Central to the dentolegal questions that members have posed about DTC services is the risk of harm to patients.  Concerns range from a patient not understanding the implications or limitations of treatment but also the risks relating to the treatment itself, such as:

- Progression of pre-existing dental conditions such as periodontal disease or caries
- Root resorption
- Exacerbation or development of TMJD
- Adverse tooth movement such as creation of anterior or lateral open bites and changes to occlusion

Of course, all the above risks can apply to any course of orthodontic treatment and these types of complications form the basis of some of the claims we deal with. However, the risk of a problem developing, or not being identified at the outset, is likely to be significantly increased if a patient has not had a full clinical examination prior to commencing treatment. The GDC’s advice that currently there is no effective substitute for a physical, clinical examination as the foundation for the full assessment now places a professional duty on clinicians involved in the patient’s orthodontic care to ensure this has taken place.

A question we are often asked is what a clinician should do if they become aware a patient is, or is contemplating, undergoing treatment provided through a DTC practice. In this situation it would be appropriate to make patients aware of the potential risks of proceeding with a course of treatment in the absence of a face-to-face orthodontic examination taking place. To assist in communicating the risks, members may find it helpful to direct patients to Safe Brace, a joint initiative developed by the BOS and the Oral Health Foundation to help educate patients about orthodontic treatment options. In addition, patients can be directed to the GDC information for patients and the public, which now contains specific advice in relation to direct to patient orthodontic services.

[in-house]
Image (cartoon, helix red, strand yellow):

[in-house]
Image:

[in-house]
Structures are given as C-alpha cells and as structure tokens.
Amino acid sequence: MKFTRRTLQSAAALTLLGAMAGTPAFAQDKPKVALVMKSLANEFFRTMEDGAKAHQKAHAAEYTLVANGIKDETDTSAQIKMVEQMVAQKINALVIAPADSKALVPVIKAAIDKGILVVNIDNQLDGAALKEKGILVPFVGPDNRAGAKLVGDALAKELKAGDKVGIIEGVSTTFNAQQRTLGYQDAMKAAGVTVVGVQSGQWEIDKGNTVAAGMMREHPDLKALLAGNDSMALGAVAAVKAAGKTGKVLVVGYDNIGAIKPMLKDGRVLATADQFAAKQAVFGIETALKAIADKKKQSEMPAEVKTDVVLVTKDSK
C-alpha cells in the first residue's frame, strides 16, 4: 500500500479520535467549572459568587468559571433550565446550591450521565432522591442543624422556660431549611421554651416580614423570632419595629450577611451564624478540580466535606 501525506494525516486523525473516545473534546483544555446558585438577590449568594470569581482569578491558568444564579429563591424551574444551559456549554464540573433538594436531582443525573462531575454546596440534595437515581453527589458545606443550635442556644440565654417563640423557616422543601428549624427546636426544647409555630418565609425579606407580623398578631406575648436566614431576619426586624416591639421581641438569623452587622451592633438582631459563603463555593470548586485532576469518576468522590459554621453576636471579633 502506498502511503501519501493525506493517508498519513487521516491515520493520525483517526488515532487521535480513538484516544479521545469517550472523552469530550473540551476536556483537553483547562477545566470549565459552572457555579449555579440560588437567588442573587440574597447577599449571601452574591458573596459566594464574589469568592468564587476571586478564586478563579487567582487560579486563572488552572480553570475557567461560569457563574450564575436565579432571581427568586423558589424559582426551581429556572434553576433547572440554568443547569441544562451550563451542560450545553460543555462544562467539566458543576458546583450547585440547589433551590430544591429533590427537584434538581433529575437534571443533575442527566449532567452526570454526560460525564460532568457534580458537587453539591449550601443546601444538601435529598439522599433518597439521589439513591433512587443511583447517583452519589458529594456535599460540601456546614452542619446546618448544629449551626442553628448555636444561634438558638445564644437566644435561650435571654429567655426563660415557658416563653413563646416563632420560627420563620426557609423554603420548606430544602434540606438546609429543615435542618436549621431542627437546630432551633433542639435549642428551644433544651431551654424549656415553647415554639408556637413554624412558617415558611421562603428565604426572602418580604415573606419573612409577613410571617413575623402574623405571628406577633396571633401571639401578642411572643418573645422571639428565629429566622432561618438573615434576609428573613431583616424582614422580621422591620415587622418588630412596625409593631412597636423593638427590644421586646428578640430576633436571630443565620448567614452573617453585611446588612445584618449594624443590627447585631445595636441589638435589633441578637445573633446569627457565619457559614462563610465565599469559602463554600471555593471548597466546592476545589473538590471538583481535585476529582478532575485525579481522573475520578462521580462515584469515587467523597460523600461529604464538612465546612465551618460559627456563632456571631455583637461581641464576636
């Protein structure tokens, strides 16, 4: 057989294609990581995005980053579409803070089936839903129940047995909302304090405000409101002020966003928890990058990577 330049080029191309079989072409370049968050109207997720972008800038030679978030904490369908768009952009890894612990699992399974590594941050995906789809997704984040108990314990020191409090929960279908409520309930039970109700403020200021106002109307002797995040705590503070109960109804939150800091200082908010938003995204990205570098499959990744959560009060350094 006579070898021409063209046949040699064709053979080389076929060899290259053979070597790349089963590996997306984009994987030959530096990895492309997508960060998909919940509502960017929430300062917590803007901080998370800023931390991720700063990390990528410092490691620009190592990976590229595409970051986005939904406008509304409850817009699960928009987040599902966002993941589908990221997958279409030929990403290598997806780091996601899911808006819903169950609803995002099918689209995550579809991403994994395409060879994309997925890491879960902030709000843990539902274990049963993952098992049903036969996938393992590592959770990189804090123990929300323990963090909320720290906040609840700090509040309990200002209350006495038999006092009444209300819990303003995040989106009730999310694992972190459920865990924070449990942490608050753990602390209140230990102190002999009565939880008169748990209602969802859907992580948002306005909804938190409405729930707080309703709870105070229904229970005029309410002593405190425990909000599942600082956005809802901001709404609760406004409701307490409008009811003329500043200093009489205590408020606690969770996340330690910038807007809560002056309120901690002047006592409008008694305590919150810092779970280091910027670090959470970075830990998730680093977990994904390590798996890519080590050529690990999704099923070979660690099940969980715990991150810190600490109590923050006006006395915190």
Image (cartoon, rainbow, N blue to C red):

It is also important to consider that patients may fail to disclose they are, or have been, undergoing treatment with aligners obtained directly from a DTC practice. This could impact upon the assessment of a dental problem or provision of dental care where tooth position may not be stable.  This may now become a more common scenario due to patients not attending for routine dental care during the COVID-19 pandemic but having proceeded with DTC orthodontic treatment in the interim. Dentists may therefore wish to consider asking specific questions to elicit whether a patient has had any form of dental treatment, including any ‘DIY’ approaches, as part of their assessment process.

Access to records